Police Crack Down on "Move Over" Law - WTOC-TV: Savannah, Beaufort, SC, News, Weather & Sports

10/18/04

Police Crack Down on "Move Over" Law

Give stopped police cars a wide berth, or it could cost you. Give stopped police cars a wide berth, or it could cost you.

If you see flashing lights and vehicles pulled over on the side of the road, do you know what to do? It's called the move over law, and if you don't abide by it, it could cost you. We've had several people call WTOC saying this $500 fine is just way to much money, but it's being enforced because there are too many people driving around not paying attention.

If you see a vehicle with flashing lights pulled off on the side of the road, you need to get over. "A couple of officers were working on the parkway and one of officers noted the partner he was working with almost get hit," said Chief Butch Chan of Pooler PD. "As a result he wound up citing that individual."

Up until recently, the move over law hasn't been enforced, but with so many close calls, Pooler police are cracking down.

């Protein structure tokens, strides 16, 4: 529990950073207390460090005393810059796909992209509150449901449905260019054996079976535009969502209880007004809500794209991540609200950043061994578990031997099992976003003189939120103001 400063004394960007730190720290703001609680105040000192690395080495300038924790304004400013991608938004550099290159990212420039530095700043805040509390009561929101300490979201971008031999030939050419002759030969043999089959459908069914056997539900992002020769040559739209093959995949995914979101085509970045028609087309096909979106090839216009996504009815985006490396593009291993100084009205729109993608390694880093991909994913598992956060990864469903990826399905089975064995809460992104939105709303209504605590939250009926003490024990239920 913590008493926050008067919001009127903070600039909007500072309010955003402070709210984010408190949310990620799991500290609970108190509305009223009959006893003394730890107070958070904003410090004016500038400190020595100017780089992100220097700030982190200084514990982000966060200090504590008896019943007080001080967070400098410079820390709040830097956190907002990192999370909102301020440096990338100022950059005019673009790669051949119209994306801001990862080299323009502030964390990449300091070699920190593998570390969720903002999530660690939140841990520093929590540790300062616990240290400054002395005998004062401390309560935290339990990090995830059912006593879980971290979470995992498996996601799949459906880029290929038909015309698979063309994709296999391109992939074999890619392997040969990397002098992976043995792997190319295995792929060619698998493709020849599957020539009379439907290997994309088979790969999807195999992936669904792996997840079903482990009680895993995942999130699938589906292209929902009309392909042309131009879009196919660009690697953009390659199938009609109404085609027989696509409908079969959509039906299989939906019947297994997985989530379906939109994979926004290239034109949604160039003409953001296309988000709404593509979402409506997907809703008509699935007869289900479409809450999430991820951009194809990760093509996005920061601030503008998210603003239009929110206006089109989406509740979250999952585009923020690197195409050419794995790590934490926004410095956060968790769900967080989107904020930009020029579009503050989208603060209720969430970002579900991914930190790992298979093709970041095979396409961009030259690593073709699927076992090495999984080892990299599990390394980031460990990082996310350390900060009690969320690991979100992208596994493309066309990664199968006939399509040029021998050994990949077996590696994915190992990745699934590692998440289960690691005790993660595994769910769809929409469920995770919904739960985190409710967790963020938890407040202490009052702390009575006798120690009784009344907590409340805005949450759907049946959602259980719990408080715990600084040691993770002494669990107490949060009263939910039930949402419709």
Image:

What you're supposed to do is move over into the adjacent left lane. It gives public service personnel the safe space they need. Staying in the lane next to a stopped vehicle is not what you should do. If you refuse to move over, it may cost you the $500 in fines plus court costs.

But police aren't the only ones putting themselves in danger. Sonny Yarbrough runs a towing company and says he too has many close calls and worked with a man who nearly lost his life because a motorist refused to move over.

"He was hit on 95 between I-16 and 204, and from what I gather, they had to amputate both of his legs," he told us.

The law was created to protect all service vehicles, and the state is charging a stiff fine for violators so there isn't another unnecessary death.

"They say the fine is really high, which I feel like it's high, but that's a small price to pay to prevent somebody from getting killed on the highway," said Yarbrough.

In instances where motorists can't merge to the left, the law requires you to reduce your speed below the posted speed limit and be prepared to stop.

Reported by: Nicole Teigen, nteigen@wtoc.com

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